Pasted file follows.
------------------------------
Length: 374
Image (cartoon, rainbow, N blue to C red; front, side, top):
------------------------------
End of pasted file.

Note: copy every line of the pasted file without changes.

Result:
Length: 374
Image (cartoon, rainbow, N blue to C red; front, side, top):